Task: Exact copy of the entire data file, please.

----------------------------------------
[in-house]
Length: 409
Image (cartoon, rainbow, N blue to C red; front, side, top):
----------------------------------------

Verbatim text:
[in-house]
Length: 409
Image (cartoon, rainbow, N blue to C red; front, side, top):